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Energy Efficiency Financing Must Grow to Meet Climate Goals: New Analysis Updates the Data

December 10, 2020
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Energy efficiency financing has grown more than 40% since 2014, reaching at least $7 billion annually, but it will need to increase significantly more to achieve urgent climate goals, according to an ACEEE analysis released today. This financing—in addition to grants, rebates, and other incentives—will enable a robust scaling of the energy-saving investments that are vital for reducing carbon emissions, improving equity in energy affordability, and spurring job creation.

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Our analysis estimates that five major types of energy efficiency programs are responsible for nearly $7 billion in annual lending:

This represents growth of more than 40% since 2014, the most recent year for which we have comprehensive lending volume data from these programs. Our research builds on Lawrence Berkeley National Laboratory’s 2016 technical brief Energy Efficiency Program Financing, which until now was the most recent assessment of efficiency financing. Our lending estimates are informed by data sourced from more than 120 financing programs via publicly available data and from direct outreach to program administrators, as well as market estimates for ESPC volume.

As shown in the chart below, energy efficiency lending has increased since 2014 across all programs covered in this research.

Annual programmatic energy efficiency lending volume graph

Annual programmatic energy efficiency lending volume. The scale on the right is for energy savings performance contracting (ESPC) data only; the scale on the left is for the remaining five programs. Source: 2014 numbers reported from LBNL’s Energy Efficiency Program Financing. Note that recent data vary in timeframe, hence the need to use 2017, 2018, and 2019 data.

 

Annual energy efficiency lending via C-PACE has grown by nearly 2,500% since 2014, representing the largest growth among all programs covered in this research. C-PACE programs in Ohio and California each financed more than $100 million in energy efficiency projects in 2019. For perspective, these two leading states’ C-PACE programs financed more energy efficiency projects in 2019 than the entire nation in 2018. Likewise, 2019 saw the largest-ever PACE-financed project, a $54 million investment in the Salt Place Convention Center in Salt Lake City, Utah.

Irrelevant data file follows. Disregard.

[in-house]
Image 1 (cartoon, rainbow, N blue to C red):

The largest and most robust programs we analyzed leverage primarily private capital sources to fund their loan portfolios. For example, Massachusetts’ Mass Save HEAT Loan program uses a network of nearly 100 local lenders to fund its nearly $160 million in energy efficiency loans.

The estimated $7 billion in annual programmatic financing for efficiency investments reflects a meaningful increase compared with prior years. While this growth is encouraging, financing needs to increase at least tenfold (to at least $70 billion) to ensure we make the efficiency upgrades necessary to help reach our climate and decarbonization goals. Energy efficiency investments are the most cost-effective way to reduce energy use. Building efficiency also creates a healthier indoor environment for occupants. Effective financing is essential if we are going to mitigate the upfront costs of implementing such improvements.

We would like to thank our friends at the Lawrence Berkeley National Laboratory (LBNL), PACENation, the National Association of State Energy Officials (NASEO), the Environmental and Energy Study Institute (EESI), and program administrators across the county for helping us procure all the data required to make this research possible.

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